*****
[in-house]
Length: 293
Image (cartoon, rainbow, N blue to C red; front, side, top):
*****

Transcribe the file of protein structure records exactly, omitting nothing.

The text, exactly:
[in-house]
Length: 293
Image (cartoon, rainbow, N blue to C red; front, side, top):